CBA cops $3.5m fine for Spam Act breaches

Spam Act breach ACMA CBA

The Commonwealth Bank of Australia (CBA) has paid a record $3.55 million fine to the Australian Communications and Media Authority (ACMA) after it was found to have sent more than 65 million emails that breached Australia’s anti-spam laws.

The fine is the largest penalty imposed by ACMA for breaches of Australia’s Spam Act 2003.

ACMA chair Nerida O’Loughlin said she was alarmed at the “scale and duration of the breaches”, which occurred over a nine-month period between 2021 and 2022.

She expressed particular disappointment considering “ACMA gave [CBA] early warnings it might have some issues and the steps it took were ineffective”.

“The failure to fix the issues shows a complete disregard for the spam rules and the rights of its customers,” O’Loughlin said.

CBA stressed that it self-identified and reported the potential Spam Act contraventions to ACMA before the regulator commenced its investigations.

ACMA found that CBA had sent more than 61 million marketing emails to customers, between November 2021 and August 2022, that required them to log in to unsubscribe (the law states that marketing email senders are prohibited from requiring recipients to log in or provide extra personal information to unsubscribe from these messages).

CBA also sent a further four million marketing emails that did not have a functioning unsubscribe facility.

The bank blamed the vast majority of the breaches on a November 2021 update to its electronic banking customer terms and conditions.

Additionally, CBA said, “the way the unsubscribe link was populated into 13 message templates meant that the unsubscribe link did not work” for another four million messages that were sent by the bank between May and August 2022.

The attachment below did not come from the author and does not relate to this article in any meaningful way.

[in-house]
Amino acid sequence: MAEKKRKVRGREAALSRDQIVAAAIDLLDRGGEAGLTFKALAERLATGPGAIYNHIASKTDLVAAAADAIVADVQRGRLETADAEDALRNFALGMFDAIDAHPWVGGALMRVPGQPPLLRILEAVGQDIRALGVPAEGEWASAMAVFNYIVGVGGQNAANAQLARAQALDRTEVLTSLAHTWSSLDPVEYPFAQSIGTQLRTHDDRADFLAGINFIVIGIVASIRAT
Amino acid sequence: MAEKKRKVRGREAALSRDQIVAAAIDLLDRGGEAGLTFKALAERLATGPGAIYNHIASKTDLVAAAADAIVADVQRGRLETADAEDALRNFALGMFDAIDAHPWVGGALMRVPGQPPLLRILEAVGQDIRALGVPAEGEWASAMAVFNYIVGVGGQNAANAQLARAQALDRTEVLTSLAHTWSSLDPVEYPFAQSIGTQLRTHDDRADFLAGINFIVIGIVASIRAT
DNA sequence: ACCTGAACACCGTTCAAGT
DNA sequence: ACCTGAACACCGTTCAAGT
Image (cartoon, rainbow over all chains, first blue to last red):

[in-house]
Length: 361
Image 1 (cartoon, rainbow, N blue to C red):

This “broken link” issue resulted in 5,000 customers receiving messages even after they had asked to unsubscribe.

CBA said that it has since addressed these issues, including by unsubscribing those customers who were not able to unsubscribe via the broken links.

The Spam Act 2003 requires marketing messages to contain working unsubscribe facilities. The Act also states that it is illegal to send further marketing messages to a recipient once they have unsubscribed.

“Consumers are frustrated by marketing intrusions on their privacy, especially when there is no option, or it is difficult, to unsubscribe,” O’Loughlin said.

In addition to the record fine, ACMA has accepted a three-year court-enforceable undertaking from CBA committing it to an independent review of its e-marketing practices and to implement improvements to these systems.

CBA must also provide regular compliance reports to the ACMA and train its staff on Australia’s spam laws.

“We acknowledge and accept the findings of ACMA’s investigation into CBA’s compliance with certain provisions of the Spam Act,” said CBA Group Executive Marketing and Corporate Affairs, Monique Macleod in a statement.

“We apologise to all customers impacted by these issues which should not have occurred. We’ve fixed the problem and are making changes to ensure it doesn’t happen in the future.”

ACMA states that, over the 18 months, businesses have paid $11 million in penalties for breaching spam and telemarketing laws. The regulator has also accepted 12 court-enforceable undertakings and given one formal warning.